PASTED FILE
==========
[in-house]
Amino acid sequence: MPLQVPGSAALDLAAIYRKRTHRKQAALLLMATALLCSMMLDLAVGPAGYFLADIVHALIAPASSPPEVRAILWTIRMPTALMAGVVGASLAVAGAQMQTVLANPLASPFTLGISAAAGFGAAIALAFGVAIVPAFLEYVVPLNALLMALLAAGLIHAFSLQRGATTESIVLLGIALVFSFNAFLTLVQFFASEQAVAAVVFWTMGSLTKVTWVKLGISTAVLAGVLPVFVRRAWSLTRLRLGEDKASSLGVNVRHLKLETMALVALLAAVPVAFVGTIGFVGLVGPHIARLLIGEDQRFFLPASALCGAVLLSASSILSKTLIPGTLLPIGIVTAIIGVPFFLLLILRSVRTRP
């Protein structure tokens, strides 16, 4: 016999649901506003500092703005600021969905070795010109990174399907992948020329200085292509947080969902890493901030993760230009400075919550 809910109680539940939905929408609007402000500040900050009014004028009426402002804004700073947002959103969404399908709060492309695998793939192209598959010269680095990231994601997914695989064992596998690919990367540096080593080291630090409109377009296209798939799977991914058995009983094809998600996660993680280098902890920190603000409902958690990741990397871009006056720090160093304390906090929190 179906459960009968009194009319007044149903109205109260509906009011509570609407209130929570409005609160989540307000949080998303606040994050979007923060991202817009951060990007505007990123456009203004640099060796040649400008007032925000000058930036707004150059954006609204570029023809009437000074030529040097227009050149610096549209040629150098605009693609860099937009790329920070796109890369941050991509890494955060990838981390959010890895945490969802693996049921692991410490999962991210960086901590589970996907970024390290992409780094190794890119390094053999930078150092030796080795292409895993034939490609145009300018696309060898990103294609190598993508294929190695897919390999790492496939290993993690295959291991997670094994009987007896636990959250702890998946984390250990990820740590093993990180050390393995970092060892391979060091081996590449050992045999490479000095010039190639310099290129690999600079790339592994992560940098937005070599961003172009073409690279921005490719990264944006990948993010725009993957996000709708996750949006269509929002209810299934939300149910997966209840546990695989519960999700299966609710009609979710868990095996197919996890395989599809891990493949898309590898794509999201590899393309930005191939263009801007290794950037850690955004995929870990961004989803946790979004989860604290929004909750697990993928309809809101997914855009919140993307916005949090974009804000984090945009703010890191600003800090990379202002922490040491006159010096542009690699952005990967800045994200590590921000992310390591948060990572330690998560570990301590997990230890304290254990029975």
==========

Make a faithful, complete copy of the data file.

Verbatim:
[in-house]
Amino acid sequence: MPLQVPGSAALDLAAIYRKRTHRKQAALLLMATALLCSMMLDLAVGPAGYFLADIVHALIAPASSPPEVRAILWTIRMPTALMAGVVGASLAVAGAQMQTVLANPLASPFTLGISAAAGFGAAIALAFGVAIVPAFLEYVVPLNALLMALLAAGLIHAFSLQRGATTESIVLLGIALVFSFNAFLTLVQFFASEQAVAAVVFWTMGSLTKVTWVKLGISTAVLAGVLPVFVRRAWSLTRLRLGEDKASSLGVNVRHLKLETMALVALLAAVPVAFVGTIGFVGLVGPHIARLLIGEDQRFFLPASALCGAVLLSASSILSKTLIPGTLLPIGIVTAIIGVPFFLLLILRSVRTRP
């Protein structure tokens, strides 16, 4: 016999649901506003500092703005600021969905070795010109990174399907992948020329200085292509947080969902890493901030993760230009400075919550 809910109680539940939905929408609007402000500040900050009014004028009426402002804004700073947002959103969404399908709060492309695998793939192209598959010269680095990231994601997914695989064992596998690919990367540096080593080291630090409109377009296209798939799977991914058995009983094809998600996660993680280098902890920190603000409902958690990741990397871009006056720090160093304390906090929190 179906459960009968009194009319007044149903109205109260509906009011509570609407209130929570409005609160989540307000949080998303606040994050979007923060991202817009951060990007505007990123456009203004640099060796040649400008007032925000000058930036707004150059954006609204570029023809009437000074030529040097227009050149610096549209040629150098605009693609860099937009790329920070796109890369941050991509890494955060990838981390959010890895945490969802693996049921692991410490999962991210960086901590589970996907970024390290992409780094190794890119390094053999930078150092030796080795292409895993034939490609145009300018696309060898990103294609190598993508294929190695897919390999790492496939290993993690295959291991997670094994009987007896636990959250702890998946984390250990990820740590093993990180050390393995970092060892391979060091081996590449050992045999490479000095010039190639310099290129690999600079790339592994992560940098937005070599961003172009073409690279921005490719990264944006990948993010725009993957996000709708996750949006269509929002209810299934939300149910997966209840546990695989519960999700299966609710009609979710868990095996197919996890395989599809891990493949898309590898794509999201590899393309930005191939263009801007290794950037850690955004995929870990961004989803946790979004989860604290929004909750697990993928309809809101997914855009919140993307916005949090974009804000984090945009703010890191600003800090990379202002922490040491006159010096542009690699952005990967800045994200590590921000992310390591948060990572330690998560570990301590997990230890304290254990029975």